30 May 2014
The name Brabham is synonymous with Motorsport. In 1959 a young Australian won his first Formula 1 Grand Prix at the most famous race on the sport’s calendar, the Grand Prix de Monaco. He went on to win the World Championship that year, and the next year. In 1966 he won a third Championship in a car of his own construction and name; the only driver to win the title in a car bearing his own name. His amazing career spanned sixteen seasons and also included two Constructor’s Championships. That young Australian was Sir Jack Brabham and he had a profound influence on the sport which still resonates around the world today.
John Arthur ‘Jack’ Brabham was born on April 2, 1926, in Hurstville, an Australian town on the outskirts of Sydney. He was the only child of a greengrocer and from a young age was fascinated with anything and everything mechanical, including the family’s trucks which he mastered driving and servicing while in his early teens. Brabham was not academically-inclined and at age fifteen he left school and took jobs in an engineering shop and garage, before serving in the Royal Australian Air Force as a mechanic during World War II. The eighteen year old was keen to become a pilot, but was needed to fill a wartime shortage of flight mechanics and his mechanical aptitude made him the perfect candidate. After the war he started his own engineering firm, buying and selling second-hand cars, before he started racing midget cars in 1948.
In 1951 the Australian became interested in road racing and bought and modified a series of cars from the British constructor, Cooper Car Company. He competed successfully in Australia and New Zealand during the early fifties, before travelling to Europe in 1955 where he bought another Cooper to compete in national events. During this time Brabham, who earned the nickname “Black Jack” for both his taciturn nature and dark hair, embarked on what would be a very successful relationship with Cooper Cars, building a Bobtail mid-engined sports car which he drove in his Formula 1 debut at the 1955 British Grand Prix.
The Brabham-Cooper partnership resulted in back-to-back Formula 1 World Championships for the Australian in 1959 and 1960; however Brabham felt he could do better. He enlisted the help of friend Ron Tauranac and together they started Motor Racing Developments (MRD), producing customer racing cars. Brabham continued to race for Cooper until 1962 when he joined his own team, Brabham Racing Organisation with cars built by MRD. And in 1966 the venture paid off when he won the Championship and became the only driver to win in a car designed and built by themself, carrying their own name.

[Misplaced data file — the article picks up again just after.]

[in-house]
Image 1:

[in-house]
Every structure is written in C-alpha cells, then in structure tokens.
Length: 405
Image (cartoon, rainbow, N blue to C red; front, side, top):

A legend at much at home with engineering as he was with driving, technological innovations brought about by the Brabham team helped shaped the sport today and inspired future innovations. Through his partnership with Tauranac, more than 500 Brabham race cars were built by MRD in the 1960s and the Brabham name continued in Formula 1 for three decades.
After retiring in 1970, the tenacious Champion became the first Motorsport identity to be knighted. In addition, Brabham was named Australian of the Year in 1966, a legend of the Sport Australia Hall of Fame in 2003 and a National Living Treasure in 2012. His love of racing was passed on to his three sons Geoff, Gary and David and grandsons Matthew and Sam, who have all forged careers in Motorsport.
A formidable competitor and a remarkable man, Sir Jack Brabham passed away peacefully at home on 20 May 2014 aged 88. In a written statement on behalf of the family, youngest son David best described his iconic father:
“He lived an incredible life, achieving more than anyone would ever dream of and he will continue to live on through the astounding legacy he leaves behind.”
Sir Jack Brabham
2 April 1966 – 20 May 2014
An Incredible Life
• Triple Formula 1 Driver World Champion – 1959, 1960, 1966
• 14 Formula 1 Grand Prix victories
• 13 Formula 1 Pole Positions
• 31 Formula 1 Podium Finishes
• Australian of the Year in 1966
• Awarded the Order of the British Empire in 1967
• Knighted for his services to Motorsport in 1979
• Only Formula 1 driver to win the Championship in car of his own construction